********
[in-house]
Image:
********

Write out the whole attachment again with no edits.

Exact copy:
[in-house]
Image: